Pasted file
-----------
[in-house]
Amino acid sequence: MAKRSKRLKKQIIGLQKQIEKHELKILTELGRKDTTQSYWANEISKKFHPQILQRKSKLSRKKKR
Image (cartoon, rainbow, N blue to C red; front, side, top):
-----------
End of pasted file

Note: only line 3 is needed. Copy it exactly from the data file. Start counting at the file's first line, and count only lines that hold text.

Image (cartoon, rainbow, N blue to C red; front, side, top):